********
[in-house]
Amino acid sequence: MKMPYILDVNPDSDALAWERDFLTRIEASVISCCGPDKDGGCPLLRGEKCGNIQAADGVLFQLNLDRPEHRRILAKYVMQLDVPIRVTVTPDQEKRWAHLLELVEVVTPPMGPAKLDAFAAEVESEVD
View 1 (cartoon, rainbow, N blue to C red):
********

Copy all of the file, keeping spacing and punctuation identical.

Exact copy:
[in-house]
Amino acid sequence: MKMPYILDVNPDSDALAWERDFLTRIEASVISCCGPDKDGGCPLLRGEKCGNIQAADGVLFQLNLDRPEHRRILAKYVMQLDVPIRVTVTPDQEKRWAHLLELVEVVTPPMGPAKLDAFAAEVESEVD
View 1 (cartoon, rainbow, N blue to C red):